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10 digital business books to download for Androids

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Goals for 2012

With the new year approaching, one of your resolutions may be to better your business or even finally create and found the business of your dreams. One of the best ways to become inspired and motivated is to learn from the greats that came before, the small business professionals who have made something of themselves and their visions. In honor of enhancing and improving your business, here are ten digital business books that you can buy for your Android device.

Entreleadership

1. Entreleadership: 20 Years of Practical Business Wisdom from the Trenches by Dave Ramsey- This book is for the small business professional who wants to make more of his/her business. Dave Ramsey shares his secret of turning his “one-man show to a multimillion-dollar business.” He believes that the only way to create success of a small business, and potentially turn that small business into a large successful company, is to have the business owner be a “hard-charging entrepreneur” and a “motivating, encouraging leader.” The combination of those two traits is what makes the difference, according to Dave Ramsey.

Two-Second Advantage

2. The Two-Second Advantage: How We Succeed by Anticipating the Future—Just Enough by Vivek Ranadive and Kevin Maney – Have you ever wondered what differentiates you and the world’s greats, like athletes, musicians, and, of course, successful business owners and CEOs? According to Ranadive and Maney, it all has to do with the ability to anticipate outcomes and events before they ever happen.  This book will encourage you to anticipate the needs of your customers and any problems that you may run into. If you can accomplish it, Ranadive and Maney believe you can improve your business and reach the top.

We First

3. We First: How Brands and Consumers Use Social Media to Build a Better World by Simon Mainwaring – Can one small change really make a big difference in the health and vitality of your small business? Simon Mainwaring thinks so. Just by implementing the professional use of social media, you can “earn consumer goodwill, loyalty and profit.” And as you know, loyal customers enable your small business to thrive. Throughout his book, Mainwaring gives case studies from large companies, including Whole Foods, Nike, and Coca-Cola.

Change Management

4. 10 Steps to Successful Change Management by George Vukotich – Any business owner knows that change is inevitable. And one little change can destroy or improve a business. This is especially true if the change is out of your control. However, Vukotich doesn’t believe you, as a small business owner, should give up when change comes your way. In ten steps, you can manage change effectively, learn from it, and understand why it’s happening.

Start Something

5. Start Something That Matters by Blake Mycoskie – Nothing makes going to work easier and helps you work harder than when you love what you do. Mycoskie believes that “you don’t have to be rich to give back and you don’t have to retire to spend every day doing what you love. You can find profit, passion, and meaning all at once—right now.” You can make a difference, make a profit, and enjoy what you do every day. What could be better than that?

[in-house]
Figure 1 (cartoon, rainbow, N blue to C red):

Lean Startup

6. The Lean Startup: How Today’s Entrepreneurs Use Continuous Innovation to Create Radically Successful Businesses by Eric Ries – If you’re a founder of a startup or several startups, there may be a new approach to business you’ll want to consider. Ries asserts that most startups don’t find success and they fail, but most of these failures are completely preventable. This book discusses how you, the startup founder and business owner, should stop creating extensive business plans and focus your attention to the creating and managing of your vision.

Gang Member to Multimillionare

7. Nothing to Lose, Everything to Gain: How I Went from Gang Member to Multimillionaire Entrepreneur by Ryan Blair – The author, Ryan Blair, “knows about building a business from the ground up.” While reading this book, you will learn how to be a hard-hitting entrepreneur. Some of Blair’s philosophies include having no sympathy for employees who aren’t making the cut, no matter how hard they say they’re trying, and that “most business plans aren’t worth the paper they’re written on.” If you’ve been looking for a blatantly and brutally honest book for small business owners, this might be it.

Thank You Economy

8. The Thank You Economy by Gary Vaynerchuk – Consumers are no longer voiceless. Social media and social networking platforms have given consumers back their voices. Social media is how the modern world is sharing experiences and opinions with and about businesses—both large and small. The actions and intentions of businesses have never been as visible as they are now. Customers demand “authenticity, originality, creativity, honesty, and good intent.” Customers also want one-on-one attention. Social media makes that possible. Vaynerchuk teaches you how to make that happen.

Leadership is Dead

9. Leadership is Dead: How Influence is Reviving It by Jeremie Kubicek – Self-preservation is a human trait that is universal. However, this universal human trait is the enemy to the “most potent professional asset on the planet”—influence. No longer should you guard and protect your ideas. It’s now the time to influence others through your business practices. Be a leader. Succeed. Kubicek believes that putting his ideas in motion will make you the leader you’ve always wanted to be.

Content Rules!